The point of an earlier post about historical models has not gotten through, judging from how concerned people are about the latest campaign brou-ha-ha, worrying about the debates, and so on.
Whether the incumbent party will maintain control of the White House can be predicted months, sometimes years, in advance. Helmut Norpoth and Allan Lichtman, whose models were discussed, have been doing that for several decades, and their models work retrospectively over the past 100 years (Norpoth) to 150 years (Lichtman).
The verdict is in: the incumbent party will lose control, meaning Trump is going to win.
Now, these models do not forecast what the important topics will be during election season, nor which positions on those topics will be the most popular. They do not predict the Electoral College vote (other than to say that whoever wins the popular vote almost always wins the EC), nor do they predict which states will side with which party. They do not give any hint of what the zeitgeist will be like, according to contemporary observers or future historians. They don't even necessarily know who the candidates will be. They simply measure signs of stability vs. disruption.
The kinds of things that these models look at are macro-level conditions that apply over the past four to eight years. For example, there's first-term incumbent advantage -- but an incumbent penalty if the party is going for three or more in a row. Was there discontent with the incumbent Presidential party during the previous mid-term Congressional elections? Which party had the more evenly contested primary battle (weak candidate), and which one had the more lop-sided battle (strong candidate)? Are people happy with the direction the economy has been heading over the past four years? This may differ depending on which section of society is responding. Do people feel more protected or less protected from foreign threats? And so on and so forth.
These thoughts and feelings have been brewing throughout the past four years, largely unconsciously. By the time the election season kicks into high gear, it is too late to alter a person's gut-level intuition about whether they're going to vote for the same party or changing the guard.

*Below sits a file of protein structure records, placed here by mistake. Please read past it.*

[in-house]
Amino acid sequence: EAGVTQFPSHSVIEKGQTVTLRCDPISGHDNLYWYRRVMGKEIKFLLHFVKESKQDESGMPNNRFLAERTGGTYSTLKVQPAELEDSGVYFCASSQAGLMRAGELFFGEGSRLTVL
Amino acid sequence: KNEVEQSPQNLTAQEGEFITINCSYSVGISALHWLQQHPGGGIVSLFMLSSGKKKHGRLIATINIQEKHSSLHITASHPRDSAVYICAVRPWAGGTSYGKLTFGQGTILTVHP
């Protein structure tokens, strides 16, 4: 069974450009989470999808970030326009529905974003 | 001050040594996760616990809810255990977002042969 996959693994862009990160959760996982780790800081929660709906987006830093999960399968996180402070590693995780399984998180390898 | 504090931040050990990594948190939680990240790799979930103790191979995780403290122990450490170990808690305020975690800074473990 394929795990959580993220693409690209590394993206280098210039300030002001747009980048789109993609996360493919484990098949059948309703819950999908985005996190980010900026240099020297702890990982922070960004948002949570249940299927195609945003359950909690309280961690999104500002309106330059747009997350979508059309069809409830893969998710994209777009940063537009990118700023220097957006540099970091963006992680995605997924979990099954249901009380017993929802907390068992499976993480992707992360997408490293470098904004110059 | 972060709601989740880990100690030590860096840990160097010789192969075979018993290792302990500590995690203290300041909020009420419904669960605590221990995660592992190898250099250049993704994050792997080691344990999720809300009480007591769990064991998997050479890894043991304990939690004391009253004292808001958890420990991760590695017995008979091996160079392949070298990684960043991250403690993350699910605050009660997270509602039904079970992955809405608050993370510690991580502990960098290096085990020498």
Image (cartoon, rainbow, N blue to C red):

This is why campaigns largely do not matter, at least once the primaries are over. People's minds are mostly made up before the general election season has even begun. They will only respond to the output of campaign season -- from the candidates themselves, from the media, from social buzz -- by accepting something if it is concordant with their already formed decision, or rejecting it if it is discordant.
Someone who already felt content with continuing the status quo will seize on Trump's latest problematic words about women from 20 years ago, and dismiss the latest in a long line of leaks proving how corrupt Crooked Hillary has been for her entire career. Someone who already felt fed up with the status quo will seize on the video of Hillary collapsing and being dragged lifelessly into the car, while they will dismiss leaked audio showing Trump to be a skirt-chaser in the past.
These are ad-hoc rationalizations of long-formed gut-level intuitions. Arguing over them will not alter the outcome of the election. People might as well just shut up and wait until Election Day to do what they were already planning to do -- but with the team-vs.-team spectacle that politics has become, voters cannot help themselves. The media cater to this demand for fighting it out over every micro-event in the campaigns.
Trump was onto this in the primaries when he said he could shoot someone in the middle of Fifth Avenue and still win. He was right because Republican primary voters were fed up with the status quo of the party, for a very long time in fact, and Trump was the only unorthodox and disruptive candidate. Voters who wanted change had only one choice. Of course, you have to be in a league of your own in the way that voters desire -- otherwise you're out immediately like Jim Webb during the Democrat primary.
Please, keep this in mind as we run the gauntlet of the final month of election season. Don't obsess over every nano-fart in the news cycle. And do not spazz out about WHAT TRUMP MUST DO to win. People are going into the voting booth thinking of the past four years, not the past four days.